THE PLAYERS' DEDICATION OF
THE FIRST COLLECTIVE BARGAINING AGREEMENT
IN AMERICAN DOMESTIC PRO WOMEN’S SOCCER HISTORY

This historic first-ever Collective Bargaining Agreement in American domestic women’s professional soccer is dedicated to the Players – past, present, and future. 

The Players Association gave notice of our intent to collectively bargain for our first contract in November 2020. Formal negotiations began at the NFLPA’s Headquarters in Washington, D.C. on March 24, 2021, and culminated with a ratification vote on January 31, 2022, the night before preseason was scheduled to begin. The contract was negotiated from March 2021 through January 2022 over 46 formal bargaining sessions constituting more than 400 hours of negotiations. The PA met with NWSL in Washington, D.C.; New York, NY; Philadelphia, PA; Louisville, KY; and virtually. Players attended every single bargaining session, and on more than one occasion, the vast majority of players league-wide attended negotiations. 

Negotiations were led by President Tori Huster, Vice President Rachel Corsie, Secretary Nicole Barnhart, Treasurer Emily Menges, and Executive Director Meghann Burke. The Players Association was represented by Deborah Willig, Jessica Caggiano, and Laurence Goodman of Willig, Williams & Davidson. The Bargaining Committee, comprised of more than 30 current NWSL players, devoted hundreds – perhaps more than a thousand – hours to secure this landmark agreement, all while playing the most challenging and competitive women’s professional soccer season on record.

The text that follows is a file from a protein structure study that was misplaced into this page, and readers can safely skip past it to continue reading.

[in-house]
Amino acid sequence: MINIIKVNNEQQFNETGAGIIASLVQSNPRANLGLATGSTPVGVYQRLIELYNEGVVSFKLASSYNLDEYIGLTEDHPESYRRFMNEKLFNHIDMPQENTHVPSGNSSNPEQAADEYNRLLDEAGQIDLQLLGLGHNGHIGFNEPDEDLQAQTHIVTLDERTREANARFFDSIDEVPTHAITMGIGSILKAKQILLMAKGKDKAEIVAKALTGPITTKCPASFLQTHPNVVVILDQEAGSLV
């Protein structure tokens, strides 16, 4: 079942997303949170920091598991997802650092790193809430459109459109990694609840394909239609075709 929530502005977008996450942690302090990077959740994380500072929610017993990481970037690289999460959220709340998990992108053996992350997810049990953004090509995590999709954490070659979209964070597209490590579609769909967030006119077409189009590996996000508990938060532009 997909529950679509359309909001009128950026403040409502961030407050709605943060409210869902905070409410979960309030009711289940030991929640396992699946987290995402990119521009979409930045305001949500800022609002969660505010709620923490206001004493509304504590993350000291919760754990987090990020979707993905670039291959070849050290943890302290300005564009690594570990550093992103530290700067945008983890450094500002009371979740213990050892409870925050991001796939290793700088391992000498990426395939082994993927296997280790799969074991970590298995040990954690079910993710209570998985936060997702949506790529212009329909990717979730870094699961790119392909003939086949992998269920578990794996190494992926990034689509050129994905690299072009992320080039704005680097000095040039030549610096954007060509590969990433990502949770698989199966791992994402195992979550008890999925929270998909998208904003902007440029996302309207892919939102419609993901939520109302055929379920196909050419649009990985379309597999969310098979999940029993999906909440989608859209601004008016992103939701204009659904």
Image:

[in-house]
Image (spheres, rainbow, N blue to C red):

A Collective Bargaining Agreement (“CBA”) is a contract between an employer and a labor union that represents workers in a bargaining unit. Here, the employer is the NWSL and its Teams, and the labor union is the NWSL Players Association (“NWSLPA”). The bargaining unit includes all players who sign a Standard Player Agreement or who are actively seeking employment in NWSL. This CBA sets minimum terms and conditions of a player’s employment. Through the management rights clause, NWSL retains the right to set limits on certain issues. NWSLPA believes, however, that there is no limit to the potential of NWSL or women’s professional soccer globally. 

NWSLPA is proudly rooted in our identity as a labor union. Our brothers and sisters in the labor movement – from teachers to sanitation workers to bakers to electricians to hotel workers and professional athletes across sports and gender – paved the way and stand strong with us. Our bond is to stand with you. 

To the players who came before us: We stand on your shoulders. Thank you for all you sacrificed to get us here. We hope we made you proud. 

To current players: Solidarity, strength, and determination got us here. Our greatest hope is that you now play free, and on your terms. 

To future players: May you remember that solidarity, strength, and determination got us here. We pass the torch to you to ensure our work is not forgotten and that you continue to move the game forward. 

In Solidarity,

Tori Huster, President
Rachel Corsie, Vice President
Nicole Barnart, Secretary
Emily Menges, Treasurer
Meghann Burke, Executive Director

The Members of the NWSLPA Bargaining Committee:

Nicole Barnhart
Michelle Betos
Amber Brooks
Meghann Burke
Jane Campbell
Simone Charley
Rachel Corsie
Makenzy Doniak
Imani Dorsey
Brooke Elby 
Meggie Doughtery Howard
Kristen Hamilton
Ashley Hatch
Tori Huster
Aubrey Kingsbury
Kaleigh Kurtz
Veronica Latsko
Tyler Lussi
Diana Matheson
Merritt Mathias
Erin McLeod
Emily Menges
Addisyn Merrick
Sinclaire Miramontez
Sydney Miramontez
Alex Morgan
Katie Naughton
Kealia Ohai Watt
Angela Salem 
Taylor Smith
Merry Speck 
Crystal Thomas
Gaby Vincent
Bri Visalli
Dani Weatherholt 
McCall Zerboni

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